Williamson gets set for Bolt after leaving Chambers behind

It was the afternoon after the night before and, while Dwain Chambers was going back to the drawing board, Simeon Williamson was getting ready to pick up the British baton on the 'Project Bolt' front. Having bolted from Chambers' shadow with a stunner of a 100m victory at the Aviva World Trials and UK Championships here in Birmingham on Saturday, Williamson was looking ahead to his first encounter with the Jamaican phenomenon known as Lightning Bolt.

The tall, powerfully built young speed merchant from Enfield lines up against Usain Bolt, triple Olympic gold medallist and triple world record holder, in the Golden League meeting in the Stade de France in Paris on Friday night. "I'll run it like it's the Berlin final," Williamson said, referring to the looming World Championships, in which he will now be the leading British and European contender in the blue riband event. "What will be will be. If I come last and run a personal best I can't be disappointed."

Williamson would have undoubtedly eclipsed his lifetime best, 10.03sec, and broken the 10-second barrier on Saturday had there not been a 1.8 metres-per-second wind blowing in his face. His winning time, 10.05sec, equated to a 9.90sec time in windless conditions. Not that the self-effacing Londoner was prepared to consider it as such. "I don't look at the wind," he said. "The time's the facts. It says 10.05sec, not 9.90sec."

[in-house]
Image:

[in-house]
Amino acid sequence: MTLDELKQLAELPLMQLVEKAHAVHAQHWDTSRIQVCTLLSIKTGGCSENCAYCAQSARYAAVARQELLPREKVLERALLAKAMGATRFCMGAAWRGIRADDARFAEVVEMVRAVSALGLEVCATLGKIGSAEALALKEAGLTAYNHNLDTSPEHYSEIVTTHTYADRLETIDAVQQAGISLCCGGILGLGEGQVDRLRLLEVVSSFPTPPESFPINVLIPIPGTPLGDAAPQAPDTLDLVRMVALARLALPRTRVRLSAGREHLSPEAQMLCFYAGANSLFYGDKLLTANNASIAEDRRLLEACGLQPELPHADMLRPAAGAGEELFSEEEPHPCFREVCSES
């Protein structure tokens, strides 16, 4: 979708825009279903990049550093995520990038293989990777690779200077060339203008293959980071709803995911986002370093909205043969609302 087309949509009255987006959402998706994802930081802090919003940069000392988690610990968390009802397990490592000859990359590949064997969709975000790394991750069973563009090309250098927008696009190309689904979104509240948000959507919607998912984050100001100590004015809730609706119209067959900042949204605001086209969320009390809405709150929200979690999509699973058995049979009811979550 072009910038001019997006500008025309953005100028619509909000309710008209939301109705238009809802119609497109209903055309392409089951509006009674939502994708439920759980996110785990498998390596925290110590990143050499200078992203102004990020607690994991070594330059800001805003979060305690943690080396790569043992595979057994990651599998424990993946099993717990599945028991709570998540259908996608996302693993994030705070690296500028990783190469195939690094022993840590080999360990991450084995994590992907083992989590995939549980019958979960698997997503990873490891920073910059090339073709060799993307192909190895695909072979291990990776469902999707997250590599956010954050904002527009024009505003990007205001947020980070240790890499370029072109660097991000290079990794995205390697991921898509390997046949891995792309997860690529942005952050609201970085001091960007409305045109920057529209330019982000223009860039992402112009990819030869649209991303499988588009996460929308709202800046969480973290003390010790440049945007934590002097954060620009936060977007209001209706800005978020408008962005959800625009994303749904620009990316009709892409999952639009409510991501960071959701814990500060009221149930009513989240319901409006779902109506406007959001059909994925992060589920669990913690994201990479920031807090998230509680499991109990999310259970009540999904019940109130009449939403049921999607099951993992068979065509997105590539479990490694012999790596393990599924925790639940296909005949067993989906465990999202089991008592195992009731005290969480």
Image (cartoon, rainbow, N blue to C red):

It was nonetheless a decisive breakthrough for the 23-year-old Highgate Harrier, who trains in the same north London stable as Olympic 400m champion Christine Ohuruogu, under the guidance of former international hurdler Lloyd Cowan. He powered clear from some 30m out, finishing 0.17sec ahead of Chambers, who withdrew from the 200m yesterday citing "exhaustion". It was Chambers' first 100m defeat of the season and his first loss to a fellow Briton since 2006.

"I want to get into the final in Berlin," Williamson said, "but I'll need to run sub 10 to do that. If it doesn't happen in Paris hopefully it will happen at Crystal Palace in front of a British crowd."

The new British and European number one is to due to face Bolt again in the Aviva London Grand Prix at the south London Palace on 24 and 25 July.

If he breaks 10 seconds there, without illegal wind assistance, he will be the first British sprinter to achieve the feat on home soil.

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